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Ontario Tech acknowledges the lands and people of the Mississaugas of Scugog Island First Nation.

We are thankful to be welcome on these lands in friendship. The lands we are situated on are covered by the Williams Treaties and are the traditional territory of the Mississaugas, a branch of the greater Anishinaabeg Nation, including Algonquin, Ojibway, Odawa and Pottawatomi. These lands remain home to many Indigenous nations and peoples.

We acknowledge this land out of respect for the Indigenous nations who have cared for Turtle Island, also called North America, from before the arrival of settler peoples until this day. Most importantly, we acknowledge that the history of these lands has been tainted by poor treatment and a lack of friendship with the First Nations who call them home.

This history is something we are all affected by because we are all treaty people in Canada. We all have a shared history to reflect on, and each of us is affected by this history in different ways. Our past defines our present, but if we move forward as friends and allies, then it does not have to define our future.

Learn more about Indigenous Education and Cultural Services

Is natural gas a sustainable option?

Posted by Christopher Yee Chuin Koon on September 11, 2014

With a surging global population, the world’s energy needs are going to continue to grow. Fossil fuels meet a vast majority of the earth’s energy needs, however, they produce dangerous levels of greenhouse gas (GHG) emissions that are harmful to the environment.

Natural gas is widely accepted as one of the cleanest of the fossil fuels and, with improved technologies such as horizontal drilling and hydraulic fracturing, natural gas extraction has become more efficient[1]. It is also one of the largest energy resources available in North America, Russia and several other countries[2]. The natural gas reserves that have been explored in the United States are enough to last for the next 92 years, given that Americans consume the same amount they did in 2011[3].

But although natural gas is the better option over other fossil fuels, during the combustion process conventional gas power plants still generate CO and destructive environmental impacts still remain a major threat – on its own, natural gas consists mostly of methane, a very potent GHG that contributes largely to global warming[4] – and there are several stages that natural gas must go through after it is extracted and before being distributed to different facilities or institutions[5].

Currently, there are no systems that are completely environmental friendly. Every system contributes to pollution or some sort of contamination of fundamental resources. Solar panels are built using highly toxic materials. Wind turbines have recently caused the death of thousands of birds because its elevation and sound waves attract flying animals. Hydroelectric dams are rather clean but have destroyed or modified the natural habitats of fishes and other aquatic life. Nuclear energy produces wastes that are very hazardous. Energy from hydrogen is not very efficient yet and the most common method of producing hydrogen is from steam reforming, which involves reactions between steam and hydrocarbons (different forms of fossil fuel). And finally, fossil fuels emit CO­2 into the atmosphere at different levels depending on what type it is.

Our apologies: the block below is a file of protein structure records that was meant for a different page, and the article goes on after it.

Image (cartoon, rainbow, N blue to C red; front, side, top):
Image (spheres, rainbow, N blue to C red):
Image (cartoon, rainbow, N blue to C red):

More and more, natural gas is becoming a widely used energy system. We seem to have convinced ourselves that because it is the so-called “cleanest” of the fossil fuels, we can disregard its levels of CO2 emissions. But until engineers and scientists develop a carbon-free method of extracting and producing natural gas we should focus on developing a more efficient and cost-effective manner for introducing widespread use of renewable energy systems. Until then, using a combination of renewable systems alongside natural gas may be our best option for widespread sustainable energy systems.


[1] Exxon Mobil Corporation, "About Natural gas," [Online]. Available: http://aboutnaturalgas.com/content/key-benefits/economic-impact/.

[2] U.S. Energy Information Administration, "Information Energy Statistics," [Online]. Available: http://www.eia.gov/cfapps/ipdbproject/iedindex3.cfm?tid=90&pid=44&aid=8&cid=r1,r2,r3,r4,r5,r6,r7,&syid=2010&eyid=2011&unit=MMTCD.

[3] U.S Energy Information Administration, "Frequently asked questions," U.S. Energy Information Administration, [Online]. Available: http://www.eia.gov/tools/faqs/faq.cfm?id=58&t=8.

[4] U.S. Environmental Protection Agency, "Natural Gas," 9 September 2013. [Online]. Available: http://www.epa.gov/cleanenergy/energy-and-you/affect/natural-gas.html.

[5] Canadian Energy Pipeline Association, "Natural Gas Pipelines," [Online]. Available: http://www.cepa.com/about-pipelines/types-of-pipelines/natural-gas-pipelines.

Edited from original submission.


Filed under: Students on Sustainability


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